Every so often, we here at the Georgia Straight learn how our humble publication can effect someone’s life. Most commonly, it’s a simple case of steering someone to a new restaurant, movie, or book. Other times, however, the paper’s influence can have much longer-lasting results.
Take the case of Barrie Gorden, for example.
Recently, Gorden came into the office bearing a gift: a box of perfectly preserved Straight copies, all about 50 years old and ready to be repatriated in the paper’s archives.
“These papers have been through every good time and every bad time I’ve had since then,” he said before launching into a fascinating story.
“I wanted to be a musician so much, I was hungry for it,” Gorden recalls, “and I knew that if I was going to proceed in music, I would have to get some pro gear.”
Back in 1969, the 17-year-old Gorden played saxophone in his Burnaby high-school band. He wanted to play jazz, like his father. As it turned out, his music teacher’s son, successful local musician Randy Rayment, had a saxophone for sale, and it just happened to be the one pictured (it its case) on the cover of his 1967 album, On a Rainy Day.
The catch: it was $325.
“So I was wondering: 'How do I make money to buy a saxophone?' I knew of the Georgia Straight—I knew that there were people selling them around town—so I went into the Georgia Straight office on Carrall Street and talked to someone at the desk and asked if there were any copies I could just have.”
Gorden was led to a storage area—“piled right to the gunwales with old issues”—and told he could have as many as he wanted.
“I ran out with two bundles under my arm,” he continued. “I didn’t really know what I was going to do with them because everybody was selling current issues, but I got on the bus back to North Burnaby and got off at Kootenay Loop. I thought maybe I could sell some of them, so I walked down to the PNE and stood outside yelling 'Georgia Straight! Georgia Straight! Five cents!' ”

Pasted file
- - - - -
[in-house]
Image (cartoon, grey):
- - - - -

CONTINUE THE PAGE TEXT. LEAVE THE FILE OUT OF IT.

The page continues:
Now, this was back when the Straight had paid circulation, with a cover price of 15 cents. And even though Gorden was hawking back issues—some as old as a year—he quickly sold every single copy he had.
“So I went running back down to the Georgia Straight and loaded up again,” he recalled. “I knew a secret way to get into the PNE, this little hole by the roller coaster and the arcade, so I figured I’d go inside where all the people really are. So I threw the papers over the fence, climbed in, and started selling them over by the livestock. I raised the price to 25 cents, and they all went like hotcakes.”
Flushed with success from his venture into free-market capitalism, Gorden bumped up the price to 35 cents and repeated the process a few more times (PNE officials never seemed to notice, but at one point he was chased off the PNE grounds by an irate group of cowboys). Soon he found himself sitting on $200—his mother would wind up giving him the rest of the money, and the coveted saxophone at last made its way into Gorden’s possession.
“I played that saxophone for the next 40 years, and music remained my career for the next four decades, Even now, I still do gigs.”
Gorden, who now lives on Mayne Island, is clearly happy with the way things turned out
“Every time I play a saxophone, I remember how it all started, and having to work so hard for it makes me realize how special it all is. I managed to eke out an existence all thanks to the Georgia Straight! Is there anything it can’t do?”